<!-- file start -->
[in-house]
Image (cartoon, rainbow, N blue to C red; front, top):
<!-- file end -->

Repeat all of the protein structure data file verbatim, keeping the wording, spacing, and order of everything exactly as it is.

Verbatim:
[in-house]
Image (cartoon, rainbow, N blue to C red; front, top):